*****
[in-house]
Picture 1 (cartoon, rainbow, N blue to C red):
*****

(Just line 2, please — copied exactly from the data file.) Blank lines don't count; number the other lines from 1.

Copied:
Picture 1 (cartoon, rainbow, N blue to C red):